Mary decides to spend the entirety of workshop the “normal” way, which is to say, by asking the rest of the class to identify patterns and preoccupations they observed in her POTA folder; to provide brief thoughts and general feedback on the short stories Mary uploaded; to generate potential and individuated writing prompts, and to identify other artists that her work might be in conversation with.
Members of the class note that Mary seems drawn to Americana, moons, liminal dreamlike spaces, and snowy Midwestern tableaus that feature cozy houses. As the dialogue unfolds, themes emerge. White space. Quietness. Romance. Violence. Abundance. Decadence. Voyeurism. One student notes that, in Mary’s work, characters tend to “do romance wrong, but it’s right,” and that both the writer and her influences seem to be taking comfort in representations of the bizarre.
“The images, both in her flash fiction and poetry, seem to be in conversation with the lonely, evocative photographs in her influences folder,” one participant notes.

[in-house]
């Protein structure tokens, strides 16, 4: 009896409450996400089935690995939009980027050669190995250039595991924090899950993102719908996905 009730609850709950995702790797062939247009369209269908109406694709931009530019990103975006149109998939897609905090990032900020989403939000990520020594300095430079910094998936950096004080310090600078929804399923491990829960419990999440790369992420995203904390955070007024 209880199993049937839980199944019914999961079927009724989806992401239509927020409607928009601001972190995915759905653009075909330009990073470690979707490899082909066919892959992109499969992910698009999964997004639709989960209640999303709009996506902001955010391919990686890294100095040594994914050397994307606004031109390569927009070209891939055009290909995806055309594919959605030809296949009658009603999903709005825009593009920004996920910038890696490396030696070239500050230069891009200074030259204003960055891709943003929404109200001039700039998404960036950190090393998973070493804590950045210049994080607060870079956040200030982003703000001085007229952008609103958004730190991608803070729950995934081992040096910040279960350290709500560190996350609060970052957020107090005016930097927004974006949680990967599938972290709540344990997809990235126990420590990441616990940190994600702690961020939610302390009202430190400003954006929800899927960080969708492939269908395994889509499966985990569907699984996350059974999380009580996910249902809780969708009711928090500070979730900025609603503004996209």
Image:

“It’s like, as a reader or watcher, you’re invited to dust for fingerprints,” another observes.
“Or like someone’s pulling the curtain back,” another adds, “and you’re allowed to witness something surprising and intimate.”
Let’s say that Mary thinks all these observations are wonderful to hear, but her main problem—as she sees it—is that she feels like she keeps writing flash fiction but what she really wants to do is write a novel.
No problem. Her peers—and her professor—stimulated by this multimedia cascade of “Things Mary Loves,” have ideas.